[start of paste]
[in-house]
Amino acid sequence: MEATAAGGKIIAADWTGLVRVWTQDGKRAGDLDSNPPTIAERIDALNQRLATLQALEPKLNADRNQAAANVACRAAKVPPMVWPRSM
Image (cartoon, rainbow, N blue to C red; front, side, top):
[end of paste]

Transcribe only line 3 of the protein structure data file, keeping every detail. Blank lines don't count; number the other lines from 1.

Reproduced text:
Image (cartoon, rainbow, N blue to C red; front, side, top):